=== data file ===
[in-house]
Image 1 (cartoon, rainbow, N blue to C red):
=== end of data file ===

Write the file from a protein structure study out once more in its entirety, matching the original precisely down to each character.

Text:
[in-house]
Image 1 (cartoon, rainbow, N blue to C red):